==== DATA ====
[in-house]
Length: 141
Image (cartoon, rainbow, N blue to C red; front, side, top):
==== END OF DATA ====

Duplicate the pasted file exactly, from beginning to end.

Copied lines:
[in-house]
Length: 141
Image (cartoon, rainbow, N blue to C red; front, side, top):